Monday, 29 April 2013

Reinforcers assemble!

It appears I may be raising little hooligans according to some interesting facts on challenging behaviour I learnt from a course I attended?

Apparently folks, I'm a REINFORCER! That's something I should be ashamed of, I think...? As much as its sounds like some kind of renegade western gang joined by Butch Cassidy and the Sundance Kid, I think its more likely something I need to join a support group for along with a course of cream from the doctor.."I'm sorry Mrs Street but you've got a bad dose of 'reinforcer'..use this ointment and rub liberally on the spot for a week. If its doesn't clear up come back and see me!" 

My crimes are many. Theres no rehabilitating me. I'm doomed to wear a high vis jacket and pick rubbish from the side of the A38! I'm like the Fagin of reinforcing! I encourage others to reinforce for me! And together we live in a reinforcing parallel universe where we find challenging behaviour to reinforce!

Bet you're sitting there now, a secret reinforcer! well we need not be secret any longer...

I am forming our own reinforcers support group, where we can share tips and ideas on reinforcing our children's bad behaviour so they too live end up picking rubbish off their local A roads!

I shall start:

"I'm Donna and I'm a reinforcer. 

My crimes are many and varied. I'm afraid to say I reinforce behaviours. Sometimes I don't even know I'm doing it. I use to think it was just motherhood but now I know it is a condition of worsening degrees.

I started out harmless reinforcing my children's apparent bad behaviour. I say apparent as I wasn't aware it was necessarily bad! I would cuddle them when they cried. I would not leave the room but allow my little girl to sit on my knee whilst holding in my desperately needed wee! It started off small but slowly I began to get a kick out of comforting my children. 

That's when I realised that comforting them wasn't enough. This is when I moved on to the hard stuff like giving them things, treating them, and making sure they had everything within their reach thus apparently prolonging their inability to ask for things. Had I realised that by putting Cody's Thomas the tank engines out of his way that he would miraculously find his missing vocal cords and ask for it I might of hidden all their toys out of sight but sadly I was too far up by that point!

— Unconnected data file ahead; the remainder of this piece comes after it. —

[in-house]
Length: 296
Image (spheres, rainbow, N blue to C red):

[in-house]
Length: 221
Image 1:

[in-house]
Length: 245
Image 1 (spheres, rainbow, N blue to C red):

Reinforcing became my life. I would do anything to make them happy and so it became a vicious circle. I would treat them to toys from the pound shop, knowing for well that by buying my children presents I was willing making them ungrateful and spoilt. Challenging behaviour breeds out of such niceties and soon my children will be screaming for ponies, chocolate fountains and gold! 

They tell us we shouldn't pander to such behaviours but I need my fix. I will do anything to keep the smile on my children's face, yes, even trying to avoid meltdowns at times. This is the cardinal rule of the reinforcer. You must reinforce behaviours that prevent meltdowns if you are to rise up the ranks and become the Tony Soprano of the reinforcing community.

They say this is bad. They say you must let the child have the meltdown rather than get their own way. They say meltdowns aren't bad. They say it won't last long. They say if you try to please your child, try to guess what it is they want instead of letting them head butt you, they say they will get worse. "Who says this Donna?" I hear you cry..."Who is this that knows better than I, the mother?" The professionals, I say. Those who do not live with autism. Those who have no children yet alone special needs ones!